WASHINGTON, Nov. 14, 2014 /PRNewswire-USNewswire/ -- At its annual meeting yesterday, the Board of Directors for American Humane Association, the first national humane organization and the only public charity in the country dedicated to the protection of both children and animals, elected its newest member, Dr. Edward T. Creagan, a famed medical oncologist and professor of medicine at the Mayo Clinic in Rochester, Minnesota. Dr. Creagan is also world-renowned for his expertise in hospice and palliative care. He is among the first in human medicine to recognize that pets and animal-assisted therapy have a significant impact on human health and wellbeing and has been prescribing pets for this purpose for many years.
He holds the endowed chair as the John and Roma Rouse Professor of Humanism in Medicine, was named Outstanding Educator from the Mayo Clinic School of Continuing Medical Education, has received the Distinguished Mayo Clinician Award – the Mayo Clinic's highest honor, and has completed an elected term as President of the Mayo Staff. Dr. Creagan was the first Mayo Clinic consultant board certified in hospice and palliative medicine. He is a Fellow of the American Academy of Hospice and Palliative Medicine.
Dr. Creagan received his medical training at New York Medical College and earned graduate degrees in internal medicine and oncology at the University of Michigan and the National Cancer Institute before joining the staff at the Mayo Clinic. He is board certified in internal medicine, medical oncology, and hospice medicine and palliative care and is the author of more than 400 scientific papers and has given more than 1,000 presentations around the world.
His new book – How NOT to Be My Patient: A Physician's Secrets for Staying Healthy and Surviving Any Diagnosis – now in its fully revised second edition a decade after the first edition proved to be a best seller – provides an additional forum for him to deliver his message of health and prevention so readers will never have to see him in a clinical setting.
An avid marathoner and golfer, father of three sons, and grandfather of two boys, Dr. Creagan and his wife, Peggy, live in Rochester, Minnesota.
"It is such an honor to join the Board of Directors at such an historical association like American Humane Association," said Dr. Creagan following his election to the board. "One of the core beliefs at American Humane Association is the restorative, healing power of the human-animal bond, which is something I wholeheartedly embrace in my clinical work. I know that pets can be some of the best medicine, which is why I prescribe pet ownership and visits with therapy animals to my patients in need of comfort."
"We are beyond thrilled that Dr. Edward Creagan has accepted the nomination and joined our board," said American Humane Association President and CEO Dr. Robin Ganzert. "In addition to his impressive résumé, and world-renowned reputation, he brings a wealth of knowledge and firsthand experience on the healing power of the human-animal bond, which is something we've embraced at the institution since our founding in 1877."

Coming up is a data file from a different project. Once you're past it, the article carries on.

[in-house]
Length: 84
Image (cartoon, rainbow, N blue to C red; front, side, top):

Also on the agenda for the Board of Directors was the election of new board officers, with Amanda Bowman elected as the new vice-chair, succeeding Mabel McKinney-Browning, and William P. Davis named the new secretary, succeeding Michael Steinig. Both McKinney-Browning and Steinig will remain on the Board of Directors.
"American Humane Association's new-look Board of Directors is one of the most prestigious and engaged I've ever seen," said John Payne, the board's chair. "I look forward to working with each and every one of them as we continue to grow the institution. With a nearly 140-year legacy of protecting the nation's children and animals, it is our duty to ensure that American Humane Association continues to be a national leader for the next 140 years and beyond."
About American Humane Association
American Humane Association is the country's first national humane organization and the only one dedicated to protecting both children and animals. Since 1877, American Humane Association has been at the forefront of virtually every major advance in protecting our most vulnerable from cruelty, abuse and neglect. Today we're also leading the way in understanding the human-animal bond and its role in therapy, medicine and society. American Humane Association reaches millions of people every day through groundbreaking research, education, training and services that span a wide network of organizations, agencies and businesses. You can help make a difference, too. Visit American Humane Association at www.americanhumane.org today.
SOURCE American Humane Association